Why was Lombard Street (San Francisco) built that way?

Pictured here. More curves than… I don’t know how to finish that sentence. I usually say “Lombard Street”.

Looks like a nightmare for your average driver, many of who have trouble keeping their cars within two parallel lines on ordinary straight roads. I wonder how many gardens get plowed-into as a result of some driver losing the wheel for a split-second or having a sudden unexpected sneeze.

From the photo it doesn’t look like there are any driveways, at least towards the bottom. Wouldn’t it have been easier just to have no street at all and let these people have nice regular shaped yards?

Is there a sidewalk alongside the street? I’d be afraid to use it.

It’s really, really, really steep. If it was straight, they’d have runaway cars with burnt-out brakes going through the intersection at the bottom all the time, and that’s worth a few smushed petunias to avoid.

I don’t think that’s the reason, as the parallel streets are just about the same.

I always assumed that those flowers weren’t in anyone’s yards, but were just municipal plantings. Can an SF resident comment on this?

It’s not too steep for cars. But it is too steep for horses. Thus the road is built as a switchback, alleviating the pressure on the poor horsey-hoofs. Since most people use cars now, the other streets have long since been converted to plain straightaways.

Man, that must be a nightmare when it snows :wink:

Darn, at maps.google.com the satellite view is obscured by shadow.

I recall that San Diegans have a street in which they take peverse pride at being even more steep than Lombard in S.F., not to mention town in the Andes and Apennines who’d offer the local dialect’s equivalent of “feh.”

IIRC it was featured on a Volvo magazine advertisement to show the tremendous torque available to the driver of one of their turbocharged models, the car pointing uphill to prove the point.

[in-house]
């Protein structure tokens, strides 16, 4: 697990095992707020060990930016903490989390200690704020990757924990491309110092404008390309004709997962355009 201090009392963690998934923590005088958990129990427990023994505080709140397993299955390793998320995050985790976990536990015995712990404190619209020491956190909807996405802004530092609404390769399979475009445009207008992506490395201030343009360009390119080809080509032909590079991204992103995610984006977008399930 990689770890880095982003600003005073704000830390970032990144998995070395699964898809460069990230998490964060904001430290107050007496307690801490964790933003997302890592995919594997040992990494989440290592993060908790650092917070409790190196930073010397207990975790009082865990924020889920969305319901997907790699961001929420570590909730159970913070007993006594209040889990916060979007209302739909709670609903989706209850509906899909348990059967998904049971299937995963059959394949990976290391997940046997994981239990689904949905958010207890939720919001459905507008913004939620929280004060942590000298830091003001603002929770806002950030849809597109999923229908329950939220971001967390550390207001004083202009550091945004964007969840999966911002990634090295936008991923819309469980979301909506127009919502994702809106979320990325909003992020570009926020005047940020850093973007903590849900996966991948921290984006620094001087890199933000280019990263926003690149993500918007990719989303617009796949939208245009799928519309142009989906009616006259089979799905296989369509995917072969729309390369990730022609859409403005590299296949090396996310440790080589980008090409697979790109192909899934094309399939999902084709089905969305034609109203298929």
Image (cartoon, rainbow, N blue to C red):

There are short, level driveways into garages that are integral to the houses. There is a sidewalk of multiple flights of steps down each side, but they are essentially straight, i.e. they don’t follow the twists and turns of the vehicular part.

Yes, AFAIK they are maintained by the City and County of San Francisco.

[I used to live on about 5 blocks from the top of Lombard St.]

An August 21, 2003 article in the Los Angeles Times claims that the steepest driveable streets in San Francisco are Filbert, 22nd, and Vicksburg, each of which hits 31.5%

Los Angeles’s steepest street is 28th Street in the San Pedro Area (different from the 28th Street south of Downtown). It has a 33.3% grade for about 50 feet.
Eldred Street in Highland Park is 33% for a much longer stretch.

Lombard street is actually straight. It was made artifically ‘crooked" by “planters” to slow down traffic. (as Antonius Block noted- the sidewalks are straight) There is another street in SF that really is "the crookedest street’ but the residents don’t like tourists there, so it’s kept a secret- not a huge secret mind you. Antonius Block?

That would be Vermont Street, between 20th and 22nd Sts on Potrero Hill. It’s a “blue-collar” version of Lombard St, without the landscaping or hordes of tourists since it’s off the beaten track for visitors to SF. However, it is steeper and twistier. I’ll see if I can dig up a photo.

BTW, we are rapidly approaching convergence with this thread, which was started 33 minutes earlier.

Photo of Vermont Street at 22nd, San Francisco.

Wow, that looks cool . I think I’ll take a ride down that street tomorrow, and tell all my friends. :slight_smile:

Eldred street is only a mile or two from where I grew up. My father told me that when he moved to Highland Park after the war, there was a house for rent on Eldred. He did not rent it, because his car would not climb the hill! Looking from Ave 50 Eldred goes down into a valley level for a bit and then it looks like it goes straight up the side of a mountain. This street is holy shit steep! :eek:

…Pedro Martinez?
…the Playboy Mansion?
…the Mississippi?
…a kettle of snakes at a hula contest?
what? That wasn’t the OP?

The Microsoft TerraServers photo of Lombard: Lombard Street

Cool. There are indeed driveways on Lombard Street, and even an intersection with another street about halfway down.

What’s more, IIRC the back side of the hill pictured is even steeper, and straight. It’s got to be one of the steepest streets in the world.

Droll indeed – but my grandmother-in-law, who had spent her entire life in Connecticut, said the same thing on her visit to SF. She also wondered why they put so many hills in when they built the city.